Setting Up The Discussion
How often does your team productively discuss issues so people walk away satisfied with the result and how the team got there?
To begin, make sure the team knows what kind of discussion is expected. Is the team getting and clarifying information, making a decision, evolving or brainstorming ideas, or something else? Many meetings wander from one type of conversation to the next, which can lead to confusion. Or, the manager or project leader knows and thinks it’s obvious to everyone. Only, it isn’t.
I felt the sting of this myself years ago when my team was asked what we thought of a new website. After candidly sharing what parts worked, which didn’t, and why, my manager’s manager made it clear that this was the direction we were going, and she didn’t want to hear any more about it since the company had paid a lot for this new website. I realized I had made an assumption when I could have asked a question, and was pretty disappointed in my contribution to the situation, and how my managers’ handled it.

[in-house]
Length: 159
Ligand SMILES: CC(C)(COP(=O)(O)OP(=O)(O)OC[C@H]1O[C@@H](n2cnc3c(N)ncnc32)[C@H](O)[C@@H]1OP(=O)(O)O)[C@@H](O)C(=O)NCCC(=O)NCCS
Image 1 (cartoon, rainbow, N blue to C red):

We want to help teams be clearer with what they are doing, so they create better outcomes and stronger relationships.